Improve post office access for sensory loss customers, calls made

Post office (library)
Image caption The report called for better lighting and working hearing loops in post offices

Post offices need to make it easier for people with sight and hearing loss to access them, Consumer Focus Wales says.

A third of customers with sight loss who took part in visits reported problems caused by obstacles and trip hazards at the buildings' entrances.

In four of every five visits, there was no working induction loop available for people with hearing problems.

Post Office Ltd said the report was an important piece of research and would be fully considering the findings.

A total of 78 people with sensory loss acting as "mystery shoppers" visited 150 different post offices, with a total of 583 visits in total.

More than a third of volunteers from the Royal National Institute for the Blind (RNIB) Cymru and Action on Hearing Loss Cymru found the layout and design of their post office a problem, and had difficulty finding the counter on their first visit.

The report, Talking Sense, says in almost a quarter of post offices with hearing loops there was no sign advertising that the loop was available, and in two thirds of these cases staff did not attempt to resolve the problem.

However, despite concerns around safety and customer service, nine out of 10 of those who took part in the study praised post office employees for their professionalism.

One volunteer, Sara Johnson from Cardiff, said: "People were helpful, but they did not have the knowledge.

"The layout and lighting were poor, but not the staff. It was not for want of trying, they just did not have the knowledge."

People with sight loss rated their experience with the post office more highly than those with hearing loss.

The report recommended that post office proprietors should ensure good lighting throughout the premises to aid both those with impaired sight and those lip reading.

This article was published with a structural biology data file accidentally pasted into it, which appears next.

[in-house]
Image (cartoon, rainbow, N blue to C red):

It called for staff to receive training in identifying and communicating effectively with a customer with sensory loss.

'Safe and welcoming places'

Ceri Jackson, acting director of RNIB Cymru, said the Post Office was at the heart of the community, adding: "[It enables] local people to access a wide range of services without having to travel too far from home: something that is particularly valuable to the many blind and partially sighted people who find independent travel difficult.

"To have one third of people reporting that it was difficult to even get through the door, because of obstacles and trip hazards, is a real concern and I hope that we can now work with them to help make the Post Office a safe and welcoming place for everyone in the local community."

Richard Williams, director of Action on Hearing Loss Cymru, said: "Post Offices are cutting themselves off from their customers by not making use of important communication tools like hearing loops.

"When you consider that one in six people in Wales has hearing loss, those post offices are not providing services that are fully accessible to their customers - not only is it poor customer service but it's also bad for their business."

Tony Jones, Post Office regional manager for Wales, said he was pleased the "vast majority of customers" had praised the way their needs were handled.

He commented: "This is an important piece of research and Post Office Ltd will take time to fully consider its findings and decide how we capture the learnings to work with our colleagues and sub-postmaster agents so that we offer an even better service to all of our customers".

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